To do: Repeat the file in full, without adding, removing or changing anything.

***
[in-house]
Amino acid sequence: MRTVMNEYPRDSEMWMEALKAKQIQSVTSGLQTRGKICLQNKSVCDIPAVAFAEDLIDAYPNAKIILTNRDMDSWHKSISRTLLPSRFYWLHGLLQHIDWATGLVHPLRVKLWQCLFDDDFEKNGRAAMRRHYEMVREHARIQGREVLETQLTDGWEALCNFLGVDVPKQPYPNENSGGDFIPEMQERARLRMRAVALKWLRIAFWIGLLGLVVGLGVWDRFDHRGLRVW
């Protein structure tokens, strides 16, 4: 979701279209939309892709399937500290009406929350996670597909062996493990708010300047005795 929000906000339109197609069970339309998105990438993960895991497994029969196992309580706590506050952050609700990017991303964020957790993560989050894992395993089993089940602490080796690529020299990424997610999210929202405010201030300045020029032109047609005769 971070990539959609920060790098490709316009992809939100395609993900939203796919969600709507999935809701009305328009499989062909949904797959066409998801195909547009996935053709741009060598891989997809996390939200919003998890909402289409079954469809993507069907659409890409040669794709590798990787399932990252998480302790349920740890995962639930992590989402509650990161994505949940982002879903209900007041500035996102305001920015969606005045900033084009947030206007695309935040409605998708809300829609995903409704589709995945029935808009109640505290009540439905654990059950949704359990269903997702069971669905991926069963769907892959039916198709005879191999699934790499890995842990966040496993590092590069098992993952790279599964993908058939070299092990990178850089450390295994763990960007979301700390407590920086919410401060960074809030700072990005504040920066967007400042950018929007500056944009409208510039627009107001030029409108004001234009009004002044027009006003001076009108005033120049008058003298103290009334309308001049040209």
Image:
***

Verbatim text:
[in-house]
Amino acid sequence: MRTVMNEYPRDSEMWMEALKAKQIQSVTSGLQTRGKICLQNKSVCDIPAVAFAEDLIDAYPNAKIILTNRDMDSWHKSISRTLLPSRFYWLHGLLQHIDWATGLVHPLRVKLWQCLFDDDFEKNGRAAMRRHYEMVREHARIQGREVLETQLTDGWEALCNFLGVDVPKQPYPNENSGGDFIPEMQERARLRMRAVALKWLRIAFWIGLLGLVVGLGVWDRFDHRGLRVW
């Protein structure tokens, strides 16, 4: 979701279209939309892709399937500290009406929350996670597909062996493990708010300047005795 929000906000339109197609069970339309998105990438993960895991497994029969196992309580706590506050952050609700990017991303964020957790993560989050894992395993089993089940602490080796690529020299990424997610999210929202405010201030300045020029032109047609005769 971070990539959609920060790098490709316009992809939100395609993900939203796919969600709507999935809701009305328009499989062909949904797959066409998801195909547009996935053709741009060598891989997809996390939200919003998890909402289409079954469809993507069907659409890409040669794709590798990787399932990252998480302790349920740890995962639930992590989402509650990161994505949940982002879903209900007041500035996102305001920015969606005045900033084009947030206007695309935040409605998708809300829609995903409704589709995945029935808009109640505290009540439905654990059950949704359990269903997702069971669905991926069963769907892959039916198709005879191999699934790499890995842990966040496993590092590069098992993952790279599964993908058939070299092990990178850089450390295994763990960007979301700390407590920086919410401060960074809030700072990005504040920066967007400042950018929007500056944009409208510039627009107001030029409108004001234009009004002044027009006003001076009108005033120049008058003298103290009334309308001049040209």
Image: